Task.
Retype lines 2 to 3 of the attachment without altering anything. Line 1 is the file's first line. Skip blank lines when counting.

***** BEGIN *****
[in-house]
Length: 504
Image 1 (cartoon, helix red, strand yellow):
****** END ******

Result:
Length: 504
Image 1 (cartoon, helix red, strand yellow):